The revolution will not be televised. Or at least, you won’t be paying any cable companies to see it.
A recent study conducted by media watchdogs Leightman Research Group found that paid TV providers had their worst collective year ever. The 13 largest multi-channel video providers—a group that makes up 94 percent of the market—lost about 105,000 net video subscribers. It’s the first time in history that the mentioned providers have collectively posted a year-over-year net loss of subscribers.
The13 includes the largest of the large: Cablevision, Charter, Cable One, Time Warner, Comcast. Providers like Verizon FiOS and AT&T U-Verse actually gained subscribers (536,000 and 924,000, respectively), as well as DirecTV, which added 169,000. But Time Warner lost 825,000 and Comcast lost 305,000, and Charter. In total, the seven largest companies lost about 1,500,000 subscribers in 2013.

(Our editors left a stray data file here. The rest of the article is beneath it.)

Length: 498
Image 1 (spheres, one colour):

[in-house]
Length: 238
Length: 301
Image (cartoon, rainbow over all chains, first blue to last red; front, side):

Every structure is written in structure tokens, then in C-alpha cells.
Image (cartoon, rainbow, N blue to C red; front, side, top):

“Cable providers now have a 52 percent share of the top multi-channel video subscribers in the US, compared to a 58 percent share three years ago,” Bruce Leichtman, the group’s president, said.
The news falls in line with recent reports that the pay TV business is in trouble. Between YouTube’s emergence into premium content, decreased rates for streaming sites like Netflix, and the rise of alternative viewing experiences like Twitch, paying for sports highlights and old Friends reruns just doesn’t seem so appealing anymore.
Or at least, it's not worth dealing with the customer service.